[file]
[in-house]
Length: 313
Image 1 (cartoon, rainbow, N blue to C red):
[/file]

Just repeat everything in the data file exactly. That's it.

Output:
[in-house]
Length: 313
Image 1 (cartoon, rainbow, N blue to C red):